“Far more important than telling people how many characters they should use in their password is telling them to use a password manager,” he said.
In September, Google improved the password manager inside its web browser, Chrome. It now prompts users to choose a different password for different sites.
Risher has words of advice for paranoid folks like me, who tend to change their passwords after every public wi-fi session.
“I wouldn’t recommend for people to change their passwords often. They usually end up making small, incremental changes to their passwords, like adding a number at the end, which is trivial for an expert to defeat.”
Is your 2FA data safe?
One security precaution measure that everyone advises these days, Risher included, is two-factor authentication. It makes it a lot harder for hackers to get to your data, even if your password is compromised.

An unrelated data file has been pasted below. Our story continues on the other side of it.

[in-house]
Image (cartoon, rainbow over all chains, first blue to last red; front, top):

But 2FA has gotten a bit of a bad rep recently, after it was discovered that Facebook had used users’ phone numbers, provided for 2FA, for advertising purposes.
“Google has never done anything like that,” Risher told me.
“Our privacy focus has always been rooted in being extremely, excruciatingly transparent about what information we collect, why we’re collecting it, how it’s going to be used, and providing easily accessible control so that anyone who wants to change how their information is being used can do it with a couple of clicks.”
Physical authentication devices work very well
Google has recently launched a physical two-factor authentication device called Titan. It provides additional security, but the necessity of lugging another physical device with you and having to rely on it to log into services you daily use can sound like a chore to a lot of people, so I asked Risher whether the Titan is something regular users should consider.
“It is truly a game changer. Since Google has been requiring security key use for our employees, we’ve had zero cases of password phishing,” he said.